DNA crackdown

Mike Duffy
DNA crackdown

NSW Police have started tapping more than 2000 former prisoners on the shoulder, asking them for DNA samples.

The move is to help solve past and future crimes but it has come as a surprise to those who have served their time and say they should be left alone.

Philip Waters, 60, served time behind bars 14 years ago after being caught with about three kilograms of marijuana.

He served three months back in the days before authorities routinely collected inmates' DNA.

"I got caught with too much in my car I was guilty, I pleaded guilty I didn't harass the court in any way or waste their time, I did it and that was it,” he said.

He served three months back in the days before authorities routinely collected inmates' DNA.

Now, police across NSW have been ordered to make it a priority to collect samples from former prisoners, like Mr Waters, in the hope of solving crime.

It's been a real push, executive-wide from the NSW Police Force and it has been filtering down to all the local area commands. They have been tasked and deployed with this as a priority to go out and retrieve these samples.

Only those who reappear on police radar are targeted - and only after they are charged.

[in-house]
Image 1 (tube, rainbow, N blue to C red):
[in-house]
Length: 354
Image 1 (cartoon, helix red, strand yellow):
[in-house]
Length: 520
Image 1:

That happened to Mr Waters but the case against him was unsuccessful, but it still triggered a written demand for his DNA.

Mr Waters added: "I couldn't believe it, I thought it was a joke at first but it didn't take me long to realise it wasn't."

He was asked to submit to a mouth swab or hair sample within seven days and he has agreed to do so.

Police say expanding their DNA database of convicted criminals helps solve cases across the country.

Assistant Commissioner Peter Cotter said: “We need your DNA to put it on the database and see what other offence you might have committed. The underlying spirit is to keep the community safe."

Police first ask for consent, but warn refusal will lead to a court order and possibly, arrest.